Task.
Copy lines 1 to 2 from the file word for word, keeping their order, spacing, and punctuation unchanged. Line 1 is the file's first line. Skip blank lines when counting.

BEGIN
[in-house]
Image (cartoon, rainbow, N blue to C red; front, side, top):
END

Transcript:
[in-house]
Image (cartoon, rainbow, N blue to C red; front, side, top):